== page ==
Given the transparent and collaborative nature of open source, it is no wonder that the technology is widely used all around the world. Countless organizations and industries have benefited immensely from open source software -- with science and engineering among the sectors driving the charge.
In an industry that heavily relies on technology and innovation, the deployment of open source initiatives in the scientific field should come as no surprise. In fact, CERN, one of the most revered names in the world of science, extensively uses open source software -- here's why.
At CERN, the European Organization for Nuclear Research, physicists and engineers are probing the fundamental structure of the universe.
They use the world's largest and most complex scientific instruments to study the basic constituents of matter - the fundamental particles. The particles are made to collide together at close to the speed of light. The process gives the physicists clues about how the particles interact, and provides insights into the fundamental laws of nature.
With its collaborative nature, open source - and the Linux operating system - were a seemingly natural fit.
The instruments used at CERN are purpose-built particle accelerators, like the Large Hadron Collider (LHC) and detectors. Accelerators boost beams of particles to high energies before the beams are made to collide with each other or with stationary targets. Detectors observe and record the results of these collisions. A highlight came for the organization in 2012 when the ATLAS and CMS experiments announced the existence of the enigmatic Higgs Boson, which had eluded scientists for decades.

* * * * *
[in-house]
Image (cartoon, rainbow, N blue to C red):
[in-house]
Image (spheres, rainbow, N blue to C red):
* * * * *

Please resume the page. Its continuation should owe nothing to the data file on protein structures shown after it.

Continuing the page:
As one of the undisputed leaders in particle physics, counting 21 member states and a global community from over 100 countries, information sharing and collaboration is essential. With its collaborative nature, open source - and the Linux operating system - were a seemingly natural fit.
The story of CERN and Linux is a prime example of how collaboration can bring universal benefits to partners and to the wider community.
For instance, CERN, together with Fermilab and various other labs and universities around the world, developed Scientific Linux. It is derived from Red Hat Enterprise Linux and its primary purpose is to reduce duplicated efforts of the laboratories, and to have a common installation base for the various experimenters.
Historically, CERN has played a major role in the development of the open source movement. In the early 1990s, Sir Tim Berners-Lee helped to forever change communication by releasing all HTML and web server code -- thus sparking the birth of the World Wide Web. After 30 April 1993, when CERN put the World Wide Web software in the public domain, the next release was made available with an open license as a more sure way to maximize its dissemination.
CERN's connection to open source does not end with one of the most significant developments in the history of information systems. The organization also relies on a solid cloud infrastructure to facilitate the storage and sharing of data, and as such, is one of the biggest contributors to the Ceph open source storage project.
One of the stand out features of Ceph is that it operates on the CRUSH (Controlled Replication Under Scalable Hashing) algorithm, which facilitates the even spread of data for improved efficiency and reduced bottlenecks.
Earlier this year, Red Hat acquired Inktank, the company that produces Ceph. This will no doubt further strengthen the ties between CERN and Red Hat, in addition to helping further promote the open source philosophy that can so benefit many industries.